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So Long, Gail, We Will Miss You

So Long, Gail, We Will Miss You So Long, Gail, We Will Miss You

Gail Willett has been a familiar face at The Advance newspaper for the last 20 years. As customers came in to place ads for yard sales or take out subscriptions, it was Gail who cheerfully handled the transactions. Among her duties as office manager, Gail answered phones and helped process incoming obituaries—literally thousands over the past two decades—as well as legal notices and various messages and information bound for the advertising and news departments.

On the job, Gail has met scores of people, many of whom have be­continued from page

come good friends. Among them is Ronald Hall, local funeral director. “She was always kind, sincere and helpful,” he said of his weekly phone conversations with Gail as they worked together to publish obituaries. “I looked forward to hearing her voice on the phone.”

Gail was born in Cherry Point, North Carolina, when her father was in the U.S. Army. The family moved to South Georgia after Gail’s father assumed a position at Plant Hatch in Baxley. She graduated from Toombs Central High School and went to work for the nuclear plant in the clerical department after graduation. Later on, she was hired as office manager at The Advance, and that is where she has been ever since.

Gail’s parents, William and Mary Ann Willett, have passed away, but Gail’s sister Diana lives in Lumber City and her brother Billy lives close to Gail on the Ohoopee River outside of Lyons. Gail and Billy enjoy kayaking together on the beautiful black water river whenever they can find the time.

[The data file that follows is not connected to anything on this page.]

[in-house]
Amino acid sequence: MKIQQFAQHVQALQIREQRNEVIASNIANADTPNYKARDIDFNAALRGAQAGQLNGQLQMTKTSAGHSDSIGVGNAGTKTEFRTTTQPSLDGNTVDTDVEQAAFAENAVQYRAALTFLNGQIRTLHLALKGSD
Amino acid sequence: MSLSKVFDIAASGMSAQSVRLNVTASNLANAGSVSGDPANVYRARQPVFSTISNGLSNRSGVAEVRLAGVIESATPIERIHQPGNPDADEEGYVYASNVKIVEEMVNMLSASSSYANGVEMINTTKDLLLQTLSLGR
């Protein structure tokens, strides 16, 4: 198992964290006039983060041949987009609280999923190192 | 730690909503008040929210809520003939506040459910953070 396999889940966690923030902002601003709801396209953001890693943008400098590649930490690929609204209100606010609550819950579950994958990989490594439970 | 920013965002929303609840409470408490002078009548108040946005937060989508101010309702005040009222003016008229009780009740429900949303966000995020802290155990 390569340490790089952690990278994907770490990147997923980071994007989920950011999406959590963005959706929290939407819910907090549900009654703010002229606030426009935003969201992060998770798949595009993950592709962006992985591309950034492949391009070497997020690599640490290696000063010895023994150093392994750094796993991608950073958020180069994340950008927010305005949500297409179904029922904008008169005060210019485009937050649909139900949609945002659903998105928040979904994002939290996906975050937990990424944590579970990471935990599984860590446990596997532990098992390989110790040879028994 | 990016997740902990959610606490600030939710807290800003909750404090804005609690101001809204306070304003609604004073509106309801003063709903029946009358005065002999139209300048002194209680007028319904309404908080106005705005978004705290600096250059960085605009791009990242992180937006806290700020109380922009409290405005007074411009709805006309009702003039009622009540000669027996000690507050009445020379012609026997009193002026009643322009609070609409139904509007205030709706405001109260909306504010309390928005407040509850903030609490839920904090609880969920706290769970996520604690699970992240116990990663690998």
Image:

In her retirement, Gail hopes to do even more kayaking. She also plans to spend more time with her children, Jamie Cauley and Kelly Hinson, and her three grandchildren.

As a member of Ohoopee Baptist Church, Gail teaches Bible classes to young people at Wednesday night gatherings. “I don’t know what I want to do yet,” Gail said of hobbies she may take up during retirement. She loves to read and she may try gardening. Of course, there will be more kayaking.

“I have loved my job,” Gail said of her two decades at The Advance. Monday deadlines at the weekly newspaper were not something anyone enjoyed. “But it was usually downhill for the rest of the week after Tuesday,” Gail said. Gail shared what she will miss most is the people. She made friends across the counter easily and often found herself deep in conversation with customers who had been strangers a few minutes before.

One character Gail may not miss so much is a big, carved bear which has looked out at First Street from the front window of The Advance ever since William Ledford, Jr., brought it back from a trip to Colorado. For some reason, the bear ended up as Gail’s responsibility. She often outfitted the bear in costumes to mark holidays. “It has been dressed up like the Easter Bunny, Abraham Lincoln, Santa Claus and a Wise Man,” Gail said with a chuckle. With Gail not being around to look after him anymore, the bear may also be retiring soon and going to a new perch at William’s home. After 20 years of faithful service, Gail will be missed by a lot of people. William, who hired Gail all of those years ago summed it up nicely. “We thank Gail for everything she has done for this newspaper and the community. We wish her a happy retirement.”

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